CAD tells a story. PA doesn't. Fundamental differences like that just don't jive with the whole rip-off thing. You could maybe argue that it started out as a (self-consciously) derivative gaming comic - and if I remember correctly, the first few strips *are* fourth-wall breakers about trying to find a third member of the cast to distinguish them from other gaming comics - but by now, I mean, 9 out of 10 strips are about characters who are gamers and otherwise have nothing to do with video games.



Here's the fun part: I wish it *were* more derivative of PA. Because while the characters and ongoing story of CAD are just barely amusing enough to keep me reading, most of the one-off game satire strips Tim writes make me laugh my ass off. As much as PA strips do, in some cases, but of course with a different style of humor. My favorite CAD strip by far is the early one with the fighting game character phone-sex line - the way it's set up and the dialogue in the fourth panel hit me just right.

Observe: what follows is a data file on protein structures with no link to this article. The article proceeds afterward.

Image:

I'd like it if Tim went back to writing more strips like that and spent less time... perhaps *no* time... on the ongoing story. You know, the thing that makes it very different from PA. Or VG Cats, for that matter. I think Tim has great gag-a-day jokes to make about games that PA and VG Cats aren't going to make. I also think he enjoys writing it as a story comic and, well, it's his comic to write. As long as every once in a while he does a WoW strip (and no one has presented great WoW jokes as accessibly as Tim has) I'll keep reading so I don't miss it.



(Apologies if the html line breaks go haywire or something... I haven't commented here enough to know what the Formatting Thing that keeps happening is.)

Post a comment

Thanks for signing in, . Now you can comment. (sign out)

(If you haven't left a comment here before, you may need to be approved by the site owner before your comment will appear. Until then, it won't appear on the entry. Thanks for waiting.)


Remember me?